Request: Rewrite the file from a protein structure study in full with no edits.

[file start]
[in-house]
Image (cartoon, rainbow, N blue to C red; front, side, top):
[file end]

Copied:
[in-house]
Image (cartoon, rainbow, N blue to C red; front, side, top):